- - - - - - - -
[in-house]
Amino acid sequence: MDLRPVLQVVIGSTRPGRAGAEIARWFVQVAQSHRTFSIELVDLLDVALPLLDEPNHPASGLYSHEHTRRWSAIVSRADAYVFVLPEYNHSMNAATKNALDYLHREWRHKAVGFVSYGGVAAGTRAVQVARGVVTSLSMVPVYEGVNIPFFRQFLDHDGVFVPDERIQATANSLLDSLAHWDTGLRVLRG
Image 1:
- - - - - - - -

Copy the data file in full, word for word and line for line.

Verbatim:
[in-house]
Amino acid sequence: MDLRPVLQVVIGSTRPGRAGAEIARWFVQVAQSHRTFSIELVDLLDVALPLLDEPNHPASGLYSHEHTRRWSAIVSRADAYVFVLPEYNHSMNAATKNALDYLHREWRHKAVGFVSYGGVAAGTRAVQVARGVVTSLSMVPVYEGVNIPFFRQFLDHDGVFVPDERIQATANSLLDSLAHWDTGLRVLRG
Image 1: